• Device-associated infections

    • Catheter-associated urinary tract infections (CAUTI)

    • Central line-associated Blood stream infections (CLABSI)

    • Ventilator-associated Pneumonia (VAP)

  • Procedure-associated infections

    • Surgical site infections (SSI)

  • Adherence problems

    • Antimicrobial stewardship

    • Hand hygiene

    • Isolation precautions


Changing landscape of healthcare
Changing Landscape of Healthcare Sources of HAIs: Contaminated Hands, Environmental Surfaces, and

  • Growing populations at risk

    • Immunocompromised individuals

    • Low birthweight, premature neonates

    • Transplant recipients on immunosuppressive therapy

  • Special environments

    • Intensive care and burn units

    • Infusion services


Hhs action plan 5 year goals
HHS Action Plan 5-year Goals Sources of HAIs: Contaminated Hands, Environmental Surfaces, and

NHSN – CDC’s National Healthcare Safety Network EIP – CDC’s Emerging Infections Program

NHDS – CDC’s National Hospital Discharge Survey SCIP – CMS’s Surgical Care Improvement Project

HCUP – AHRQ’s Healthcare Cost and Utilization Project


Sources of evidence
Sources of Evidence Sources of HAIs: Contaminated Hands, Environmental Surfaces, and


Holistic bundled approach
Holistic Bundled Approach Sources of HAIs: Contaminated Hands, Environmental Surfaces, and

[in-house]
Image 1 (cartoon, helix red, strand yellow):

Impact of neonatal clabsi
Impact of Neonatal CLABSI Sources of HAIs: Contaminated Hands, Environmental Surfaces, and

Inherent risk with CVCs

Difficult to identify and treat

Prolonged & often frequent exposure to antibiotics

Major contributor of morbidity and mortality

Increased length of stay and hospital costs

Infants are especially vulnerable


Challenges to skin antisepsis evidence based approaches
Challenges to Skin Antisepsis: Sources of HAIs: Contaminated Hands, Environmental Surfaces, and Evidence-Based Approaches

Prepping the skin

  • Chlorhexidine (CHG) vs Alcohol vsPovidone-Iodine

  • CHG shown to be more effective due to residual effect.

  • CHG/alcohol solutions: 0.5% to 3.15% CHG

  • CHG/aqueous solutions: 0.5% to 4%

  • CHG recommended by the CDC Guideline for all but < 2 months

  • But, in <1000 gms, CHG associated with skin irritation

    • Andersen J Hosp Infect 2005 (2% CHG/aqueous)

    • Garland Pediatr Infect Dis J 1996 (2% CHG/alcohol)

  • CHG studies currently being conducted for safety in neonates

  • 61% of US NICU Medical Fellowship Directors reported using CHG

    • Tamma ICHE, 2010

      NICU compromise


  • The debate of chg in neonates
    The Debate of CHG in Neonates Sources of HAIs: Contaminated Hands, Environmental Surfaces, and


    Skin antiseptic agents
    Skin Antiseptic Agents Sources of HAIs: Contaminated Hands, Environmental Surfaces, and

    • Choice varies with age

      • Population based complications

      • < 2 months

        • EGA

        • Post natal age

    • Agents

      • 2 to 3.15% CHG - alcoholic formulation

      • CHG - aqueous formulation

      • Povidoneiodine

    • Removal considerations

      • Normal Saline

      • Sterile Water


    Survey of neonatal chg use
    Survey of Neonatal CHG Use Sources of HAIs: Contaminated Hands, Environmental Surfaces, and

    • Survey of Neonatology Fellowship Directors in the United States

    • 61% reported use of CHG for skin antisepsis for neonates

      • 51% limited use on basis of birth weight, gestational age or chronological age.

      • Skin reactions (erythema, erosions, burns) occurring primarily in those weighing <1500 grams were reported by 51%.